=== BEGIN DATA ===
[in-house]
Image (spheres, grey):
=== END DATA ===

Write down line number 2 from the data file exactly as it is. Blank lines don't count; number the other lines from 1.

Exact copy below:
Image (spheres, grey):